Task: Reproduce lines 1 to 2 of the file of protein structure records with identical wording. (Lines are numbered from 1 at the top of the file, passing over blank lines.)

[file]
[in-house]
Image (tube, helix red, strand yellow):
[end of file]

[in-house]
Image (tube, helix red, strand yellow):